Creative Techniques for Polymer Clay Inclusions

Polymer Clay Inclusions

Vid #042: Shavings From Crayola Crayons Can be Mixed Into Polymer Clay For A Very Cool Effect:

The basic definition of a polymer clay inclusion is actually pretty self explanatory. Simply put, you just add or include creative things into your clay mixes and recipes. The resulting beads you make with these inclusions can turn out to be very stunning and gorgeous.

I often mix shavings from crayola crayons into translucent clay. For a greater depth of color in the finished beads, use several shades of the same crayon color, as well as a variety of sizes of shavings. Fine shavings melt first and bleed into the translucent polymer clay. Courser shavings on the other hand, leave behind stronger or more dominant flecks and distinguished markings.

I know you will have tons of fun experimenting with all kinds of polymer clay inclusions. The unlimited number of creative possibilities will keep you going for a long long time.

Cindy Lietz SignaturePolymer Clay Tutor




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The full version of the “Crayon Shaving Inclusion” preview video shown above, is part of a free bonus package that I give away as a special promotion with the purchase of my Polymer Clay Bead Making Fundamentals Course. In this video I demonstrate how to use various sizes of crayon shavings to achieve different effects. I also discuss:

  • What brands of polymer clay work best for inclusion projects.
  • How the melting point of the crayon wax affects your beads.
  • Tips on how to protect your bead rack during the baking process.
  • And much more.
  1. Cindy Lietz, 07 May, 2008

    Using different shades of green crayon shavings in polymer clay inclusions is one of the best ways to make faux jade beads that can look very much like the real thing.

    Cindy Lietz’s last blog post..Spice Beads and the Polymer Clay Inclusion Technique

  2. Cynister, 04 June, 2008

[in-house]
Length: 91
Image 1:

I hadn’t thought of this before. Great idea. I can’t wait to try it.

  3. Cindy Lietz, 08 June, 2008

    If you try it Cynister, send me pictures!!

    Cindy’s last blog post..Color Mixing Polymer Clay – Leaf Green Recipe Ideas

  4. Cindy Erickson, 25 September, 2008

    Wow! How cool is this!?! :) OK…my imagination is rockin’ and rollin’ and shavin’ and colorin’ and squishin’ and bakin’!!! Thanks for the great ideas!!!
    Oh, and for letting us know how not to get dripped on, as well:)

    Cindy E.

  5. Paul Arthur, 01 November, 2008

    Hi Cindy, I’m very new to the polymer clay bead making community and was wondering is there a way to add something like color powders to the clay before baking and if so what brands are the best?

  6. Cindy Lietz, 01 November, 2008

    Hi Paul – There are tons of different powdered pigments and mica powders that can be added to polymer clay. Experiment to your hearts content, since pretty much everything works here. I’ve even used loose powdered eyeshadow with great results. Pearl-Ex has some very nice powders that you can find in stores like Michaels.

  7. Paul Arthur, 03 November, 2008

    Just one more question, does added these powdered pigments work better with translucent clay? What’s the effect, if any, to adding the pigments to colored clay?

  8. Paul Arthur, 03 November, 2008

    Hi Cindy it’s me again with another question. Where can I find a small round cookie cutter to shape small polymer clay beads?

  9. Cindy Lietz, 04 November, 2008

    Great questions Paul! You can add the pigments to either translucent or opaque clays quite effectively. In the colored clay the powders will give the clay a mica or metallic look to the clay.

    As far as cutters I use the little cutters from Amaco, called Polycutters. Sometimes they have them in the Makins Air Dry clay section rather than the polymer clay section in Michaels.

  10. Elizabeth Kerr, 27 April, 2009